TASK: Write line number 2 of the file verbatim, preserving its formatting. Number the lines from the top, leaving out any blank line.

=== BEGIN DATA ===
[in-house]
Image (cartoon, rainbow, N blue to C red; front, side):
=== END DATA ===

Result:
Image (cartoon, rainbow, N blue to C red; front, side):